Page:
Defining Additional Objects to Be Created at Install Time
You can use the prototype file to define objects that are not actually delivered on the installation medium. During installation, using the pkgadd command, these objects are created with the required file types, if they do not already exist at the time of installation.
To specify that an object be created on the target system, add an entry for it in the prototype file with the appropriate file type.
For example, if you want a directory created on the target system, but do not want to deliver it on the installation medium, make the following entry for the directory in the prototype file:
d none /directory 0644 root other
If you want to create an empty file on the target system, an entry for the file in the prototype file might look like:
f none filename=/dev/null 0644 bin bin
The only objects that must be delivered on the installation medium are regular files and edit scripts (file types e, v, f) and the directories required to contain them. Any additional objects are created without reference to the delivered objects, directories, named pipes, devices, hard links, and symbolic links.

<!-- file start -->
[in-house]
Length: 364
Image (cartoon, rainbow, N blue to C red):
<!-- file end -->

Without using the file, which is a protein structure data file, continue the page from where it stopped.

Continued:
Creating Links at Install Time
Its file type as l (a link) or s (a symbolic link).
Its path name with the format path1=path2 where path1 is the destination and path2 is the source file. As a general rule, path2 of a link should never be absolute, but should instead be relative to the directory portion of path1. For example, a prototype file entry defining a symbolic link could be:
s none etc/mount=../usr/etc/mount
Relative links would be specified in this manner whether the package is installed as absolute or relocatable.
Distributing Packages Over Multiple Volumes
However, you can use the optional part field in the prototype file to define in which part you want an object to be located. A number in this field overrides the pkgmk command and forces the placement of the component into the part given in the field. Note that there is a one-to-one correspondence between parts and volumes for removable media formatted as file systems. If the volumes are preassigned by the developer, the pkgmk command will issue an error if there is insufficient space on any volume.
Nesting prototype Files
In the following example there are three prototype files, the main one (prototype) being edited, and the two (proto2 and proto3) that are being included.
!include /source-dir/proto2 !include /source-dir/proto3
Setting Default Values for the mode, owner, and group Fields
!default 0644 root other